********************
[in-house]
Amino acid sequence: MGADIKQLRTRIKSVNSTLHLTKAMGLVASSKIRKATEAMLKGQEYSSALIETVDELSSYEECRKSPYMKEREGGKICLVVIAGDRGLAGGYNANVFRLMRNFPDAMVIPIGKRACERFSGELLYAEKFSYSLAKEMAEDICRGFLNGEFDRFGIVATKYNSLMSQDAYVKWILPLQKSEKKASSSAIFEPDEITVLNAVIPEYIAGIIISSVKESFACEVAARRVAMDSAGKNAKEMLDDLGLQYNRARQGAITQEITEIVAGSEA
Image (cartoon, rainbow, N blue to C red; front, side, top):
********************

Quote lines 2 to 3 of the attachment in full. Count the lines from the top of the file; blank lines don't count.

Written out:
Amino acid sequence: MGADIKQLRTRIKSVNSTLHLTKAMGLVASSKIRKATEAMLKGQEYSSALIETVDELSSYEECRKSPYMKEREGGKICLVVIAGDRGLAGGYNANVFRLMRNFPDAMVIPIGKRACERFSGELLYAEKFSYSLAKEMAEDICRGFLNGEFDRFGIVATKYNSLMSQDAYVKWILPLQKSEKKASSSAIFEPDEITVLNAVIPEYIAGIIISSVKESFACEVAARRVAMDSAGKNAKEMLDDLGLQYNRARQGAITQEITEIVAGSEA
Image (cartoon, rainbow, N blue to C red; front, side, top):